viaduct


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viaduct

(vī`ədŭkt') [Lat.,=road conveyor], type of bridge for carrying a highway or railroad over a valley, over low ground, or over a road. It is commonly constructed in the form of several towers or piers that support arches on which the roadway rests. Viaducts are usually constructed of steel or concrete; in the past they were built of wood or stone. Examples of viaducts include the Pulaski Skyway in NE New Jersey and the Colorado Street Bridge in Pasadena, Calif. The world's longest viaduct, the Danyang-Kunshan Grand Bridge (102.4 mi/164.8 km), is part of the Nanjing to Shanghai section of the Beijing–Shanghai High-Speed Railway in China.

Viaduct

An elevated structure supported on a series of arches, piers, or trestles that carries a roadway or railway over a valley or other depression.

Viaduct

 

a bridgelike structure, usually of great length and built on high supporting piers; used when a road crosses ravines, gorges, swampy river valleys, and so on.

Viaducts are sometimes built instead of high embankments if the construction of the latter is economically unfeasible or technically inadvisable—for example, as a result of weakness in the foundation soil. A gradual increase in the height of the piers (and, in certain types of viaducts, also in the size of the spans at the highest point) distinguishes the viaduct from the trestle bridge, which usually has a negligible change in the height of its piers and spans of identical size. Viaducts are built of stone, metal, concrete, or reinforced concrete; for the most part they are of multispan arch design, less frequently of beam construction.

Viaducts were well known even in ancient Rome, where they were built in a system of arches made up of large stone blocks; this gave the viaducts an appearance of austere power, characteristic of the utilitarian Roman structures. Since the end of the 19th century, stone viaducts have been replaced by those built of metal and reinforced concrete. The construction possibilities of these materials and the development of a scientific theory of bridge building have made possible a considerable decrease in the volume and weight of the structure’s main components and have had an effect on the construction of modern viaducts, in which the architectural image is based on the emotional expressiveness of plastically conceived exposed structures that are subordinate to engineering principles (for example, a reinforced-concrete viaduct in Nogent-sur-Marne, France; and the Polcévera Viaduct in Genoa, 1961, engineer R. Morandi).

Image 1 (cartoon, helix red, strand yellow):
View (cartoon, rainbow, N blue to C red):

REFERENCE

Nadezhdin, B. M. Mosty i puteprovody v gorodakh. Moscow, 1964.

viaduct

[′vī·ə‚dəkt]
(civil engineering)
A bridge structure supported on high towers with short masonry or reinforced concrete arched spans.
References in periodicals archive ?
The viaduct's design is complex because it is being constructed on a sloping riverbank, most of which is submerged when the river runs high.
The main defects observed in prestressed concrete viaducts are the following: leakage in expansion joints over mobile and fixed hinges, a rough, rolling and deteriorated pavement of a carriageway, leakage in expansion joints of footpaths, the lack of or inadequate viaduct drainage system, inadequate (leaky) waterproofing on the top of deck beams, inadequate erection of segment joints resulting in leakage (Fig.
"The 85-metre (280ft), 3,500-tonne bridge will be taken down piece by piece due to the close proximity of the new bridge to the south of the original, and also to ensure that we don't damage the M1 carriageway which runs directly below the viaduct."
"The improvements we are making will allow the viaduct to operate at its full capacity, allowing vehicles over 3.5 tonnes back onto all parts of the viaduct.
The viaduct is incredibly slender, the design an elegant combination of a brilliant engineering concept by Michel Virlogeux (the engineer who designed the amazing Pont de Normandie across the Seine at Le Havre) and inspired design by Foster and Partners, aided by a number of European engineering groups.
If the road surface of the Millau Viaduct was its highest point, how tall would the Millau Viaduct be?
The viaduct carried trains for 120 years between 1852 and 1972, when the line was closed.
A spokesman said: "Just before 2.30pm yesterday, Sunday 6th May, police were contacted by passing motorists regarding concerns for a man seen on the A19 southbound at Leven Viaduct.
He told a town hall committee meeting: "Stockport Viaduct is an iconic structure that we all see.
The man may not live locally as the viaduct is know to be a popular spot for cyclists, as it is situated on the coast to coast cycle path.
A fire that ravaged a community of informal settlers in Muntinlupa Wednesday morning caused a tower of the National Power Corporation (NPC) to lean towards the Alabang flyover and forced the temporary closing to traffic of the viaduct.
MONTHS of work to renovate a railway viaduct which carries a popular tourist line will get under way next year, Network Rail has confirmed.